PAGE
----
November 21, 2017

Choosing Gratitude: Chapter 3

Welcome to Week 4 of the Choosing Gratitude study! If you’re not sure what this is all about, we’re studying through Choosing Gratitude by Nancy Leigh DeMoss. See the Introduction for more details.

No Thanks

“Ingratitude is not always a calloused, who-cares shrugging of the shoulders. Sometimes it’s just fourth or fifth on a list we never get around to following through on.”

We don’t usually purposely choose to be ungrateful. Rather, it sneaks up on us as we forget to make gratitude a priority, and gradually becomes a habit as we passively let it happen.

Even worse, this passive habit of ingratitude leads to a whole laundry list of sins. Romans 1, a chapter that lists all kinds of wickedness and perversions prevalent in our world today, pinpoints ingratitude as the foundation for those perversions:

For although they knew God, they did not honor him as God or give thanks to him, but they became futile in their thinking, and their foolish hearts were darkened.”

What leads to darkened hearts and futile thinking? What leads to all-out rejection of God? According to this verse, it’s ingratitude. Continually refusing to give thanks to God leads to an eventual downward spiral of depravity. In Nancy’s words: Ingratitude is the first step away from God. {tweet this!}

Why?

Refusing to give thanks — or even merely neglecting it — seems like such a harmless little thing, something on par with a “little white lie” or a fake smile. But an “attitude of ingratitude” actually leads directly to a host of other destructive attitudes, that tear down and destroy everyone in their path. Attitudes like unrealistic expectations, comparison games, forgetfulness of God’s provision, and blindness to God’s grace.

Ingratitude teaches us to forget what God’s done in the past, reject what God is doing now, and scorn what God will do in the future. It teaches us to expect more, and be content with less. {tweet that!}

That’s why Scripture speaks so clearly about being thankful, and rejoicing in everything, and praising our God for the good things He provides. That’s why it tells us to remember all his benefits.

Nancy shares a powerful story at the end of the chapter, which includes this painful observation from an Indian pastor about American Christians:

You have no idea how much you have,
and yet you always complain.

True of Americans? Definitely, yes. True of Christians? Sadly, also yes.

True of you???

Choosing Gratitude Study

 

 

Now it’s YOUR turn!

  • What did you love in chapter 3? What didn’t you love?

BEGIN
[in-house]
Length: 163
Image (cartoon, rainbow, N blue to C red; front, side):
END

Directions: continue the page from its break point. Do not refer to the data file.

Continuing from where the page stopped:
• Nancy lists some destructive attitudes that ingratitude leads to (comparison, entitlement, forgetfulness, etc). What other attitudes would you add to that list?
  • What are some practical ways we can change from a life of “no thanks” to a life of daily gratitude?

Tweet about it! Or send your own tweets using #ChoosingGratitude to share what you’re learning, and invite your friends to join our study!

As always, feel free to share your own blog posts about the book in the comment section here! Please include the graphic in your post, with a link back to this blog.

 

Comments

  1. I think that some other attitudes that ingratitude could lead to are discontentment – not being content with what we have because we aren’t really feeling thankful for it, and selfishness – looking out for “number one” and seeking to get what we do not have that we think would make us content. A practical way that I use to help myself remember the blessings God has given me is to write them down. One thing I did was to write down 5 blessings each day and try not to write down the same ones. That was hard (especially as I really like coffee and wanted to write that one down a LOT!). I’m also following along with the “30 day devotional guide” at the back of “Choosing Gratitude” and today I worked on Day 4, which is making a list of “Gifts from God” and “Gifts from Others.” My ingratitude just smacks me in the face here, as I list things that God has given me and that I have not thanked Him for, and I also see God’s grace in that He has continued to bless me despite my ingratitude. It makes me want to try harder to be more grateful to Him and others, from a sincere heart of thanks.

    • Sandy, I really appreciate your insights from this study! Keeping a “blessings journal” or thankfulness list is definitely one way to counteract ingratitude. It’s something I’ve tried to do every so often, but never seem to be very consistent at! However, it’s worth trying harder, I think.

  2. melindatodd says:

    I’m not doing this study but wanted to chime in. I wonder if it’s the American way, the ungratefulness. We are so abundantly blessed, even when we don’t have much. We went to Haiti last March. I can’t look at America the same way again. We’re so very lucky to have been born here. I am grateful for that but I am more grateful that God allowed me to experience something different to open my eyes. I’ll never be the same.

    • You’re right, we Americans are SO ungrateful! Nancy actually mentions that in this chapter – how we have so much, we’ve gotten used to freedom and plenty, and think we are entitled to keep getting more and more. I think we as Christians can be truly counter-cultural in this area, not by giving everything away and moving to a depressed country, but simply by making a point to be grateful for every.little.thing we have.

      Thanks for chiming in, Melinda!

Trackbacks

  1. […] The Power of Gratitude Chapter 2 – Guilt, Grace, and Gratitude Chapter 3 – No Thanks Chapter 4 – Why Choose Gratitude? Chapter 5 – Of Whiners and Worshipers Chapter […]

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